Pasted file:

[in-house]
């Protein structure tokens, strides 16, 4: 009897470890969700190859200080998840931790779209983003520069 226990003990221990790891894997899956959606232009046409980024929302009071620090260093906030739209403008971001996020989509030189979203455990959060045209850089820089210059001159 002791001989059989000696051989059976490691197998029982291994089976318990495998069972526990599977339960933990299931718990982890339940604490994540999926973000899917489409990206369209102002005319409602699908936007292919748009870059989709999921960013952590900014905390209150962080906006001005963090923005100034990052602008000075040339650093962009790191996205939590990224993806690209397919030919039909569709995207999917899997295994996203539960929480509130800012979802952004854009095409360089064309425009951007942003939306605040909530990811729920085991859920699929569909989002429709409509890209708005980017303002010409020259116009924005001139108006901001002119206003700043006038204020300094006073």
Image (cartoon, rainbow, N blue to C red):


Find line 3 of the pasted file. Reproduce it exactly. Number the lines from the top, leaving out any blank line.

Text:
Image (cartoon, rainbow, N blue to C red):